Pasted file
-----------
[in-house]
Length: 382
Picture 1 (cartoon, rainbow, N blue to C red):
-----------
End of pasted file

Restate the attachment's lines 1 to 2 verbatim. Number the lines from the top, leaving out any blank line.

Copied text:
[in-house]
Length: 382